One of the biggest blessings of my career was the opportunity to work with a gentleman named Bob. Bob was different from every other supervisor in my career. He never said, “let me teach you how to do this.” He simply did the right thing at the right time and expected you to learn from his example.
Also, he never came out and told you what to do. He would simply ask questions so that you could figure things out for yourself, exposing his thought processes as you went along.
Those that have successfully made the transition from manager to leader have found the importance of continuously asking questions. Questions provide a constant flow of feedback from front line workers.
Questioning his people enabled Bob to understand what was going right and where improvement was needed. At the same time, Bob was showing interest in the front line workers through these questions.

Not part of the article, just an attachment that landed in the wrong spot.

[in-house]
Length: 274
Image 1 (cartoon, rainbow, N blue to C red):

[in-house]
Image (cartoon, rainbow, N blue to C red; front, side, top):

Effective leaders understand that asking questions will generate answers. How those answers are handled will have a direct impact on how people will perceive future questions. When people feel their answers are unappreciated, they put less effort in answering the questions. However if two steps are followed, future answers will be open, honest, and well thought out.
This is an excerpt from “Life’s Leadership Lessons” a collection of 53 anecdotal leadership lessons, each with an anecdote and the application of the topic in your everyday life. It is designed for use in weekly staff meetings or for personal development.